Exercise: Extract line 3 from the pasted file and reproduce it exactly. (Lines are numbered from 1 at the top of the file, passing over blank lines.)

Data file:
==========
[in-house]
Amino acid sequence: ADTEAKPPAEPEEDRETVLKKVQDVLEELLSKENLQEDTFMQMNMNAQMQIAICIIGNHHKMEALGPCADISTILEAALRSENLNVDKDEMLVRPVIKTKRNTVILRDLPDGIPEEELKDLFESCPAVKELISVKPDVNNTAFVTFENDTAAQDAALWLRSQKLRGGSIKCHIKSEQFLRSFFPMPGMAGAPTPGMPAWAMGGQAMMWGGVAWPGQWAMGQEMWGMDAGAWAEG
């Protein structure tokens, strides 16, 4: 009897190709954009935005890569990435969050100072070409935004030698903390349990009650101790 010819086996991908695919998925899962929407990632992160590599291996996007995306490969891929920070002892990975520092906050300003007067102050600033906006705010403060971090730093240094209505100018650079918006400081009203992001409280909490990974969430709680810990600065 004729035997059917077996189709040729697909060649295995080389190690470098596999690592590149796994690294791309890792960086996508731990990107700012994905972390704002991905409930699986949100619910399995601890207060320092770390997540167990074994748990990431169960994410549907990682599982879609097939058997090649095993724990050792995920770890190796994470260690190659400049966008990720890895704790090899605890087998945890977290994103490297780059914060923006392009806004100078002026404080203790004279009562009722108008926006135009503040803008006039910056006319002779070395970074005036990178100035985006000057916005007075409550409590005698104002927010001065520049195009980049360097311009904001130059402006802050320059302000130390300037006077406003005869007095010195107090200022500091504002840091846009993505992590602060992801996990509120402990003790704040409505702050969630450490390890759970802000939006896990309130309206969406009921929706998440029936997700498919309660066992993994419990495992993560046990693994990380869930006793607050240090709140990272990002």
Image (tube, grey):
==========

């Protein structure tokens, strides 16, 4: 009897190709954009935005890569990435969050100072070409935004030698903390349990009650101790 010819086996991908695919998925899962929407990632992160590599291996996007995306490969891929920070002892990975520092906050300003007067102050600033906006705010403060971090730093240094209505100018650079918006400081009203992001409280909490990974969430709680810990600065 004729035997059917077996189709040729697909060649295995080389190690470098596999690592590149796994690294791309890792960086996508731990990107700012994905972390704002991905409930699986949100619910399995601890207060320092770390997540167990074994748990990431169960994410549907990682599982879609097939058997090649095993724990050792995920770890190796994470260690190659400049966008990720890895704790090899605890087998945890977290994103490297780059914060923006392009806004100078002026404080203790004279009562009722108008926006135009503040803008006039910056006319002779070395970074005036990178100035985006000057916005007075409550409590005698104002927010001065520049195009980049360097311009904001130059402006802050320059302000130390300037006077406003005869007095010195107090200022500091504002840091846009993505992590602060992801996990509120402990003790704040409505702050969630450490390890759970802000939006896990309130309206969406009921929706998440029936997700498919309660066992993994419990495992993560046990693994990380869930006793607050240090709140990272990002």